Three months after the launch of the Inter-Governmental Conference (IGC), set up to rewrite the Maastricht treaty, talks are stalled, say officials. Britain's reluctance to allow the other 14 member-states to progress towards further integration has characterised negotiations. Although the campaign of blocking EU business, the result of the beef ban, does not directly apply to the talks, British negotiators have been "even less co-operative" since the crisis began. "If we had to conclude our discussions now, it would ... be a conclusion signed by only 14," said an Italian diplomat.
Several states, led by Germany and France, had hoped a positive report on the first three months of talks might be ready for the Florence summit, which opens on Friday. When EU foreign ministers met in Rome yesterday to prepare for the meeting, Lamberto Dini, Italy's Foreign Minister, urged the summit, which concludes the Italian presidency, to give "new direction" to the reform programme. But indications are that delay is possible. Postponing the end of the IGC to December 1997 would alarm Central and East European countries that fear their hopes of early membership will be further set back as a result.
A delay could also prompt new calls for postponing monetary union, due to begin on 1 January 1999. Although the outcome of the IGC is not directly linked to planning for the single currency, most states had anticipated the Maastricht reform would have been completed well ahead of the launch.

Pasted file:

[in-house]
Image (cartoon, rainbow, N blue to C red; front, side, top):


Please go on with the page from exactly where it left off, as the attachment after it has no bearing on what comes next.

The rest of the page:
But Britain's partners admit delay could have positive side-effects. Many hope that by December 1997 Labour will have been in power more than six months and ready for a more positive role in Europe.
Talk of postponement reflects frustration among Britain's partners at its opposition to key elements of their reform plans. Diplomats say the stalemate has meant real negotiation has not yet begun. Before the IGC launch in Turin in March, Britain's partners said they were anxious to conclude their next round of reforms as soon as possible. Germany and France, in the vanguard of the IGC process, said rebuilding the Brussels institutions and reshaping the decision-making process were of paramount importance, given the necessity of preparing to enlarge the Union to up to 27 members.
On the agenda, however, are issues of extreme sensitivity to Britain, which is being pressed to agree to a reduction in the use of the national veto, more powers to the European Parliament and more shared decision- making in areas such as foreign policy, immigration and justice. John Major has made it clear Britain would oppose such moves in the IGC talks.
The only issue which has seriously engaged negotiators is a plan for greater "flexibility" in decision-making. Diplomats say the need for it has been made even clearer since Britain demonstrated the destructive power of the veto during the beef crisis. Flexibility, in the eyes of most member-states, means allowing some groups of countries to proceed faster towards integration without being held back by others. Britain has long been identified as the "slowest ship in the convoy" and the IGC negotiators are speeding their efforts to move forward, leaving the tardy behind.